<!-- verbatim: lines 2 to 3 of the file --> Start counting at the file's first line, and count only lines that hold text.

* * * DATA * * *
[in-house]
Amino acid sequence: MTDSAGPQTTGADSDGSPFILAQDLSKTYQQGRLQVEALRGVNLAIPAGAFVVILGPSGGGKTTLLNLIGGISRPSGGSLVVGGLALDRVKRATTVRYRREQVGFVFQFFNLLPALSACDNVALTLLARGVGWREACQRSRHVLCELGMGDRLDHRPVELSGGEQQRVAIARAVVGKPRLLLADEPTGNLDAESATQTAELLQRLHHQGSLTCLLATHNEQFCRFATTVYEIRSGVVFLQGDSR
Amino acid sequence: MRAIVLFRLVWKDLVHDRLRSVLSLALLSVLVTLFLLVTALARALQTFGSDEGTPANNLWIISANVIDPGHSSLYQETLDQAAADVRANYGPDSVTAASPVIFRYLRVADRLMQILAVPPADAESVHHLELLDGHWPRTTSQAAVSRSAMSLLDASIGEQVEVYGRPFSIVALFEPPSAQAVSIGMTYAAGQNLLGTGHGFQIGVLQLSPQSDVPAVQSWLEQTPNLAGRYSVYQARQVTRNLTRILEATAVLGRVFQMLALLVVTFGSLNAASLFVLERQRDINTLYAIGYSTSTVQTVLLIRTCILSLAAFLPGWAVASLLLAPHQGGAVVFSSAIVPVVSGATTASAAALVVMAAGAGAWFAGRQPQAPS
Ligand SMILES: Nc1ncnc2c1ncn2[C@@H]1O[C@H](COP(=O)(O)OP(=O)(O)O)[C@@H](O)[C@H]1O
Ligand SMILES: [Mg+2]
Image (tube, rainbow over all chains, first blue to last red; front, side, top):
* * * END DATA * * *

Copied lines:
Amino acid sequence: MTDSAGPQTTGADSDGSPFILAQDLSKTYQQGRLQVEALRGVNLAIPAGAFVVILGPSGGGKTTLLNLIGGISRPSGGSLVVGGLALDRVKRATTVRYRREQVGFVFQFFNLLPALSACDNVALTLLARGVGWREACQRSRHVLCELGMGDRLDHRPVELSGGEQQRVAIARAVVGKPRLLLADEPTGNLDAESATQTAELLQRLHHQGSLTCLLATHNEQFCRFATTVYEIRSGVVFLQGDSR
Amino acid sequence: MRAIVLFRLVWKDLVHDRLRSVLSLALLSVLVTLFLLVTALARALQTFGSDEGTPANNLWIISANVIDPGHSSLYQETLDQAAADVRANYGPDSVTAASPVIFRYLRVADRLMQILAVPPADAESVHHLELLDGHWPRTTSQAAVSRSAMSLLDASIGEQVEVYGRPFSIVALFEPPSAQAVSIGMTYAAGQNLLGTGHGFQIGVLQLSPQSDVPAVQSWLEQTPNLAGRYSVYQARQVTRNLTRILEATAVLGRVFQMLALLVVTFGSLNAASLFVLERQRDINTLYAIGYSTSTVQTVLLIRTCILSLAAFLPGWAVASLLLAPHQGGAVVFSSAIVPVVSGATTASAAALVVMAAGAGAWFAGRQPQAPS